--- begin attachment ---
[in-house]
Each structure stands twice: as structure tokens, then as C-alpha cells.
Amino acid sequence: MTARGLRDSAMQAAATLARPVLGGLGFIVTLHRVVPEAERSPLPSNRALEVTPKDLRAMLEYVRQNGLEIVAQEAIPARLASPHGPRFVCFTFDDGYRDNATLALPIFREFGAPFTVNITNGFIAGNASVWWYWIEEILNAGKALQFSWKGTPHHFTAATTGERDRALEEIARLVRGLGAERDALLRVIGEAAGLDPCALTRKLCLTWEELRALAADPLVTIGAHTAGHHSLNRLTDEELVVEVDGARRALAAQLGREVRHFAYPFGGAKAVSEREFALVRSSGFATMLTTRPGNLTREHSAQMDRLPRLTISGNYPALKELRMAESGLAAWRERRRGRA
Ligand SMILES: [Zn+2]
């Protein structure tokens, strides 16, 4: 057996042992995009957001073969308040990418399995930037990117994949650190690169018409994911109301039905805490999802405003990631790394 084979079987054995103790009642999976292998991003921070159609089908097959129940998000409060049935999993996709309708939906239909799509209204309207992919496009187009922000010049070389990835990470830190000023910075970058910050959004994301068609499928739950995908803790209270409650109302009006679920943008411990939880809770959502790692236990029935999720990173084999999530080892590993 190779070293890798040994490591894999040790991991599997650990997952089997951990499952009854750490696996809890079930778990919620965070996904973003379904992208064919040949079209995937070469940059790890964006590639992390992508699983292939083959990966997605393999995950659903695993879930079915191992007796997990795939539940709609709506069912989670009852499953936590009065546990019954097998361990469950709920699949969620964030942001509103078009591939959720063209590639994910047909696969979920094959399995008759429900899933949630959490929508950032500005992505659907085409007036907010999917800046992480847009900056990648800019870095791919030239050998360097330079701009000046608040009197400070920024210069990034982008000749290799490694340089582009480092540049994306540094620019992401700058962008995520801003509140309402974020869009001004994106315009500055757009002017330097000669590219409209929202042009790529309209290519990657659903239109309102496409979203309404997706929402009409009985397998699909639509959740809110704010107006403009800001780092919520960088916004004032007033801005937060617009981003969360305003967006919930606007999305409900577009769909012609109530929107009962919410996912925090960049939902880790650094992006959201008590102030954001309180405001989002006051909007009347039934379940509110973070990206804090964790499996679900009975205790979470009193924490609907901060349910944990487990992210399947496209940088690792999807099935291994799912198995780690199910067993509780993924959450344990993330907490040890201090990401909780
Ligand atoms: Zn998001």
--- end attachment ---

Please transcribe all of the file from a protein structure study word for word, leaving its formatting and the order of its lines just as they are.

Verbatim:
[in-house]
Each structure stands twice: as structure tokens, then as C-alpha cells.
Amino acid sequence: MTARGLRDSAMQAAATLARPVLGGLGFIVTLHRVVPEAERSPLPSNRALEVTPKDLRAMLEYVRQNGLEIVAQEAIPARLASPHGPRFVCFTFDDGYRDNATLALPIFREFGAPFTVNITNGFIAGNASVWWYWIEEILNAGKALQFSWKGTPHHFTAATTGERDRALEEIARLVRGLGAERDALLRVIGEAAGLDPCALTRKLCLTWEELRALAADPLVTIGAHTAGHHSLNRLTDEELVVEVDGARRALAAQLGREVRHFAYPFGGAKAVSEREFALVRSSGFATMLTTRPGNLTREHSAQMDRLPRLTISGNYPALKELRMAESGLAAWRERRRGRA
Ligand SMILES: [Zn+2]
């Protein structure tokens, strides 16, 4: 057996042992995009957001073969308040990418399995930037990117994949650190690169018409994911109301039905805490999802405003990631790394 084979079987054995103790009642999976292998991003921070159609089908097959129940998000409060049935999993996709309708939906239909799509209204309207992919496009187009922000010049070389990835990470830190000023910075970058910050959004994301068609499928739950995908803790209270409650109302009006679920943008411990939880809770959502790692236990029935999720990173084999999530080892590993 190779070293890798040994490591894999040790991991599997650990997952089997951990499952009854750490696996809890079930778990919620965070996904973003379904992208064919040949079209995937070469940059790890964006590639992390992508699983292939083959990966997605393999995950659903695993879930079915191992007796997990795939539940709609709506069912989670009852499953936590009065546990019954097998361990469950709920699949969620964030942001509103078009591939959720063209590639994910047909696969979920094959399995008759429900899933949630959490929508950032500005992505659907085409007036907010999917800046992480847009900056990648800019870095791919030239050998360097330079701009000046608040009197400070920024210069990034982008000749290799490694340089582009480092540049994306540094620019992401700058962008995520801003509140309402974020869009001004994106315009500055757009002017330097000669590219409209929202042009790529309209290519990657659903239109309102496409979203309404997706929402009409009985397998699909639509959740809110704010107006403009800001780092919520960088916004004032007033801005937060617009981003969360305003967006919930606007999305409900577009769909012609109530929107009962919410996912925090960049939902880790650094992006959201008590102030954001309180405001989002006051909007009347039934379940509110973070990206804090964790499996679900009975205790979470009193924490609907901060349910944990487990992210399947496209940088690792999807099935291994799912198995780690199910067993509780993924959450344990993330907490040890201090990401909780
Ligand atoms: Zn998001």